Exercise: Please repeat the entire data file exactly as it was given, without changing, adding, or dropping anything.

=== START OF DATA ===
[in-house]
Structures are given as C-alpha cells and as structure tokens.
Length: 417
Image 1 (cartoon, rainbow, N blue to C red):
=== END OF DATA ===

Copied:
[in-house]
Structures are given as C-alpha cells and as structure tokens.
Length: 417
Image 1 (cartoon, rainbow, N blue to C red):